Iron, Zinc, Selenium, Iodine, and Copper

Last week’s post provided an introduction to the body’s mineral requirements and offered a few details about the 7 essential macrominerals. While I do not plan to present information on all other essential minerals, a few of the trace minerals capture my attention.

iron, zinc, selenium, iodine, copperIron tops the list in public awareness given the prevalence of products (and associated advertising) targeting folks with “iron-poor blood.” Seventy percent of the body’s iron finds its way into red blood cells (hemoglobin) and muscle cells (myoglobin). Both are responsible for accepting, storing, transporting, and releasing oxygen from the lungs into tissues. Another twenty-five percent of the body’s iron takes the form of ferritin which regulates iron utilization in the cells and bloodstream. The remainder are constituent elements in certain proteins and enzymes that support vital metabolic functions.

Nutritionist Roberta Anding tells us that roughly 10% of dietary iron gets absorbed by the body. Heme iron in animal products proves more bioavailable than plant-based sources. It matters when you ingest iron. Calcium, zinc, magnesium, phosphorous, phytates, and soy inhibit iron absorption.

Iron deficiency manifests as fatigue, lightheadedness, leg cramps, cold intolerance, infections, shortness of breath, and difficulty swallowing. Iron deficiency anemia typically results from blood loss due to menstrual bleeding, gastrointestinal disorders, peptic ulcers, and certain cancers. It may also result from poor iron absorption as can occur with celiac disease, gastric bypass, Crohn’s disease, and excessive use of antacids. Vegetarians, vegans, and older adults may be prone to iron deficiency.

Zinc has grown in the public consciousness due to published claims of its ability to reduce the severity and duration of common colds. (Anding says the jury may still be out!) We do know that zinc plays a role in wound healing, tissue growth/repair, blood clotting, DNA synthesis, taste perception, bone mineralization, and healthy thyroid function. It’s also involved in blood sugar control and is required for maintenance of Vitamin E in the blood. Anding tells us that the body leverages 15-40% of dietary zinc, with meat sources being four to five times more bioavailable than plant sources. Zinc competes with iron, calcium, and copper for absorption. Deficiencies are most prevalent in older populations and typically manifest as a loss of taste, smell, and/or appetite.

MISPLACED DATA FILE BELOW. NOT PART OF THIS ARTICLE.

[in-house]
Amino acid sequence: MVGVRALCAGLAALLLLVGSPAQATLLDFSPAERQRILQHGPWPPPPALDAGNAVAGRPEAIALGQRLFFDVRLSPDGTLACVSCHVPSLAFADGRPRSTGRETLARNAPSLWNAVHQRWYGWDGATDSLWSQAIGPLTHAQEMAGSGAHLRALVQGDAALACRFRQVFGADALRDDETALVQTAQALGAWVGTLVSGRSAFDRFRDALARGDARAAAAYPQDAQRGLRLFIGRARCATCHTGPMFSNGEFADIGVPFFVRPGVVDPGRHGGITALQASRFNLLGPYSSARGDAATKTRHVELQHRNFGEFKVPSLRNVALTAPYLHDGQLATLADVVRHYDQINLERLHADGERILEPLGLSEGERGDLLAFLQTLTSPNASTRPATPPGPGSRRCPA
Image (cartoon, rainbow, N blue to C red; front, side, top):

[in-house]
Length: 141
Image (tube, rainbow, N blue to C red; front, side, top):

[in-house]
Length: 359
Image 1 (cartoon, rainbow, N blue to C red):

Selenium works with Vitamin E as an antioxidant and plays a valuable role in thyroid function. It is also required for pancreatic function and tissue elasticity; it has shown to be protective against radiation and toxic minerals. Meat and poultry tend to be reliable sources of selenium as this mineral as regularly added to animal feed. Plant-based foods (notably grains) also provide selenium if grown in selenium-rich soil. Deficiencies can occur among folks with gastrointestinal disorders and those who’ve had gastric bypass surgery.

Like selenium, iodine plays an important role in producing thyroid hormones. These hormones affect our basal metabolic rate, heartbeats, rate of breathing, and mitochondrial activity. They’re also crucial for normal human development, sexual function, sleep, and cognition. Proper iodine utilization requires sufficient access to Vitamin A. Iodine deficiencies may cause muscle cramps, cold hands and feet, weight gain, poor memory, constipation, depression, and headaches. Excess iodine can be toxic. Unrefined sea salt, kelp, fish, broth, butter, pineapple, artichokes, asparagus, and dark leafy greens are good sources of iodine.

Copper helps the body form bone and hemoglobin and promotes healthy nerves, immune function, and collagen formation. It also plays an important role in memory and brain function. Copper does its work in conjunction with zinc and Vitamin C. High doses of zinc can precipitate a copper deficiency. While a variety of foods provide copper, beef liver is the best resource.

As noted in prior posts, make sure your physician is aware of any mineral supplements that you take regularly. The body needs a balanced intake of vitamins and minerals. Imbalances may introduce unwanted issues.